…which is, anyone that has read the bible firsthand (and not vicariously) should know that Roman Catholicism is antithetical to scripture. Virtually every doctrine that the Roman Catholic Church adheres to in its catechisms, canons, and “ex cathedra” infallible Papal dictates are either gross perversions of biblical teaching or have no basis in scripture at all; this conclusion is evident to me without the need of any third party literature. Nevertheless, there are are no shortage of scholarly websites (including this one but also see: http://www.thebereancall.org and http://www.trinityfoundation.org), books, sermons, lectures, etc. in circulation that point out this painful fact.
To counter this travesty, an increasingly common strategy that Catholic apologists have employed is confusion. By this I mean that the Roman Catholic church has rarely been consistent in it’s stances and has never spoken with one clear voice on any particular issue and some RC apologists are increasingly using this flaw to their benefit in an attempt to confuse the accuser as to the severity of the offense leveled against the Roman Catholic Church. By obfuscating the Church’s position, Catholic apologists know that they can leverage opposing sound bites that exist in the Catholic treasury whenever it is convenient to do so. My accusations against the Roman Catholic Church are ratified by one of their very own operatives. When confronted with the claim of the Roman Catholic church’s persecution of Galileo (a catholic scientist who sought to show that heliocentricism was compatible with biblical teaching, incidentally, his “persecution” had little to do with science and much to do with his disregard for papal orders – http://www.answersingenesis.org/tj/v14/i1/galileo.asp), Roman Catholic Jesuit Dr. Guy Consolmagno, an influential astronomer at the Vatican’s Observatory responded with the following: “It’s not a simple ‘The church was against science,'” “The [Roman Catholic] church never speaks with one voice on these things.” It is doubly ironic but not surprising that the same accusation (of being double-minded on purpose) should befall Dr. Consolmagno himself who works on behalf of the Roman Catholic Church (which purports to believe in the Bible) and yet he contends the following:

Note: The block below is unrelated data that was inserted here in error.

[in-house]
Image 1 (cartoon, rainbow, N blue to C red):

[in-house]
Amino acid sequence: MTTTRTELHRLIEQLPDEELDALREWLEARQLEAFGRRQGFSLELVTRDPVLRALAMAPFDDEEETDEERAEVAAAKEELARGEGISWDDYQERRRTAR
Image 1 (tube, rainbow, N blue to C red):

-Believing that God created the universe in six days is a form of superstitious paganism and a destructive myth (http://blogs.answersingenesis.org/blogs/ken-ham/2006/05/07/vatican-astronomer-accuses-six-day-creationists-of-paganism/)
More examples of Roman Catholic State Church’s confusion :
1. The Roman Catholic Church has had popes excommunicate other popes (So which Pope was right?)
2. The Roman Catholic Church has had popes declare other popes as heretics (So which Pope is the heretic?)
3. The Roman Catholic Church has had popes declare the ex cathedra (and thus infallible) teachings of other Popes as heresy (So which teachings are heretical?)
4. The Roman Catholic Church has said that good works must be done to get to heaven but has also said that good works aren’t required (wearing brown scapulas on a special day obviates good works) to get to heaven (So which statement is the Roman Catholic Church’s position?)
5. The Roman Catholic Church was supportive of Hitler and Mussolini (even after the ideology of these individuals was revealed to the world) before they were against them (So what are their true feelings about these dictators?)
6. The Roman Catholic Church has said that Muslims worship the same God but also that Muslims do not worship the same God (So which one of these statements do they really believe?)
7. The Roman Catholic Church has said that you need to believe in Jesus (in addition to other church-prescribed requirements) in order to be saved but also that you do not need to believe in Jesus (per Lumen Gentitum) in order to be saved (So which teaching represents their true position?)
– Many (if not all) of these claims are substantiated in the much maligned book “A Woman rides the Beast” by Dave Hunt
Unfortunately for my catholic friends, this list could go on for pages and pages but it is the 7th claim (the requirement for salvation) that I would like to focus on.